Three of the pollsters have weighed in - two have reasonable explanations one does not. Let's start with the does not, Andrew Kohut Pew Research Center. In a New York Times OP-ED he blames it almost entirely on the so called Bradley Effect where white voters tell the pollster they are going to vote for a black and then don't. Todd Mitchell of the Democratic Daily does a good job of debunking that one. This is really passing the buck and it seems obvious thaat PEW will learn nothing from this experience.
Both Zogby and Rasmussen have reasonable explanations both of which revolve around the short period between Iowa and New Hampshire, the large number who decided on the day of the election, Hillary's tears and the final debate. That sounds about right I think they left out the impact of the DC pundits reaction to Hillary's tears. Yes, maybe Chris Matthews did give the election to Hillary.
Zogby also mentions something I talked about the night before the elections, the Independents.
We expected that Obama would receive the lion’s share of independents and drain the Republican primary of these voters. It now appears that, perhaps with a sense that Obama had a lock on the Democratic side, independents felt free to vote on the Republican side and reward their hero, John McCain.I had asked if both McCain and Obama could win in NH because they were both heavily dependent on the Independents.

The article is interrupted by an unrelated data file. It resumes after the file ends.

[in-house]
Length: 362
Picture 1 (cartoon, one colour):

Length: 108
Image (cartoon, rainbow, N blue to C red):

Rasmussen thinks it might have had something to do with the high turnout and who actually showed up.
The problem may also have resulted from the greatest challenge in polling--determining who will actually show up and vote. This is especially difficult in a Primary Election. It is possible, perhaps likely, that the polling models used by Rasmussen Reports and others did not account for the very high turnout experienced in New Hampshire. Rasmussen Reports normally screens out people with less voting history and less interest in the race. This might have caused us to screen out some women who might not ordinarily vote in a Primary but who came out to vote due to the historic nature of Clinton’s candidacy. The final Rasmussen Reports poll anticipated that 54% of the Democratic voters would be women while exit polls showed that number to be 57%.